ask for APA style, which I think expects Courier).
--
You're right; that's what I meant. Sorry for the confusion...

Luis.
Rowland McDonnell
2006-10-01 19:03:57 UTC
Post by Student Body
What is a 12 point font?
There are two ways of looking at this.

Once upon a time, when a fount[1] of type was a collection of type
metal, fount designers designed a fount with the letters and whatnot to
look good at a particular size.

Generally speaking, you'd find that the larger sizes had letters that
look tall and thin compared to the smaller sizes.

When Knuth created TeX, he decided to carry on doing things this high
quality way - so the Computer Modern family of founts has (for example)
cmr5 and cmr10 - Computer Modern Roman designed to be printed at 5pt,
and a different version of Computer Modern Roman designed to be printed
at 10pt. Either one can be scaled to any size you like - but they're
meant to look right at their design size.

When almost everyone else looked at computer typesetting, they decided
to create a single fount in each design (say, Times), and that fount was
meant to be a good compromise so that it'd look okay at whatever point
size you scaled it to. I recall reading that the target size is roughly
what you'd expect for an 18pt fount designed the old-fashioned way.

So in the TeX world, a 12pt fount is a fount designed for use at 12pt,
while everyone else thinks that a 12pt fount is a fount scaled to 12pt.
Post by Student Body
Is it my imagination, or is MS Word's Times
New Roman in 12 point font much smaller than 12 point font when using
LaTeX?
Are you comparing MS Word's Times New Roman with the standard' founts
used with LaTeX - that is, the Computer Modern family?

Founts from different families often look very different sizes even when
scaled to the same nominal point size. It's all a bit complicated -
but, for example, one of the major factors behind how big a fount looks
is the ex-height (the nominal height of the lower case x'), while the
point size is a different measure which has more to do with the overall
height of the maximum extent of the letters than anything else.

Rowland.

[1] Everyone else these days uses the spelling `font'. I don't like
it.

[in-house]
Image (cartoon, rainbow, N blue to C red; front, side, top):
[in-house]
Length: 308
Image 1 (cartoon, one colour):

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anon k
2006-10-01 23:39:47 UTC
Post by Student Body
What is a 12 point font? Is it my imagination, or is MS Word's Times
New Roman in 12 point font much smaller than 12 point font when using
LaTeX?
One way to understand this is to go to a print shop and see some metal
type for yourself.

If you look at some 12pt sorts (which is what individual pieces are
called) and measure them, you'll see that the pieces of metal (or wood,
in some larger fonts) are 12pt tall.

If you now look at the letters on the sorts, you will see that they take
up only part of the available height.

Most typefaces include extra padding space both above and below. This
is included when you measure the font height. Think of small caps
fonts, for example, in which none of the letters takes up the full
height. (A common exception is large wooden type used for printing
posters.)

The next complication is differencing between type founders. They
modify the letter heights and proportions to suit themselves, sometimes
for improvement, other times for less savoury reasons. So you SHOULD
expect different fonts with the same name to look slightly different,
though in many cases the differences can be hard to spot. You could
compare Arial with Helvetica and Swiss, or Book Antiqua with Palermo and
Palatino. I remember when Arial first appeared in the 80s. It was so
clumsily proportioned that it looked conspicuously like a cheap rip-off.
It also had a name that didn't seem to relate to what it mimicked.
But it was cheap, and the mass market didn't know any better, so it took
off strongly in the low-budget Windows world while Adobe Helvetica and
Bitstream Swiss went more to Macs and graphics designers. Arial has
been improved since then.

Are you using the same Times New Roman for LaTEX as you are for Word?
Or are you using a Microsoft version for one, and an Adobe or Metafont
or other version for the other?

You might also compare titling (or display) fonts with body fonts of the
same face and size.

How to measure the font size:

If you know the specifications of a font, you can deduce its type size
from the x-height, which is the height of the lower-case x. The
required knowledge includes the place where and time when the face was
designed, because units of measure, including the point, have a history
all of their own.

You cannot deduce the point size from inter-baseline spacing on a
printed page, because you can't tell how much leading is in there.
Leading is flat strips of metal that lie between the lines of type.

The point size matters for spacing.

A quad is a square space, as wide as it is high. So in a 12-pt font,
one quad is 12 points wide. That distance is called an 'em'. It has
less to do with the width of the lower case m than is popularly claimed.
This is especially obvious if you consider expanded and condensed
faces where the quads do not change even though the letter m does.

Standard spaces are one third of an em (which can be selectively
exchanged for quarters and fifths of ems for justification and other

If you look at what happens when you turn a space on its side (e.g. a
60pt en becomes a 30pt double quad) you'll start to get some inkling of
why the type in a manual print shop comes in only certain sizes.

Computer typesetting has moved on from much of this, and there are many